This illustration, created at the Centers for Disease Control and Prevention (CDC), reveals ultrastructural morphology exhibited by coronaviruses. Note the spikes that adorn the outer surface of the virus, which impart the look of a corona surrounding the virion, when viewed electron microscopically.COVID-19

Congress and the administration are responding to the COVID-19 crisis in a variety of ways. It is important that the various relief and safety efforts meet the needs of people with disabilities. Your education to members of Congress about the impact on people with disabilities is important during this time.

Congressional Efforts:



What it means for People with Disabilities

Coronavirus Preparedness and Response Supplemental Appropriations Act

Became Law on
March 6, 2020

The bill requires that agencies "pay back" money that was moved from programs like NIDILRR and emergency heat funding when the crisis began. 

Families First Coronavirus
Response Act

Became law on March 19, 2020

Free coronavirus testing for everyone who needs a test, including the uninsured. Increased paid leave. Enhanced Unemployment Insurance to people unable to work. Increased funding for food security programs.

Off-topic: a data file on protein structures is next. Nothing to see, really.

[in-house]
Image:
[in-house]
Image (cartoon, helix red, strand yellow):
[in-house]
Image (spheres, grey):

Coronavirus Aid, Relief, and Economic Security Act (or CARES Act)



Became law on March 27, 2020

  • Allows state Medicaid programs to pay for direct support professionals to assist disabled individuals in the hospital
  • $13.5 billion available for formula grants to States, which will then distribute 90 percent of funds to local educational agencies to meet needs of all students, including students with disabilities
  • $85 million for Centers for Independent Living
  • $50 million for Aging and Disability Resource Centers
  • Extension of Money Follows the Person and Spousal Impoverishment through November 30, 2020
  • Waives nutrition requirements for Older Americans Act (OAA) meal programs during the public health emergency related to COVID-19 to ensure seniors can get meals in case certain food options are not available

Paycheck Protection Program and Heath Care Enhancement Act

Became law on April 24, 2020

  • $321 billion to refill the CARES Act's Paycheck Protection Program (PPP)
  • $60 billion in economic disaster loans for small businesses
  • $75 billion to help hospitals treat COVID-19 patients and address drops in revenue
  • $25 billion for states to increase testing capabilities

Health and Economic Recovery Omnibus Emergency Solutions Act (HEROES Act)


Passed the House on May 15, 2020


  • Home and Community Based Services investment to support wages, services, leave, and related critical needs to support access to home and community- based services.  
  • $10,000,000 for Developmental Disabilities Act Programs
  • $10 Billion additional for nutrition services and increased flexibility to support greater access for people with disabilities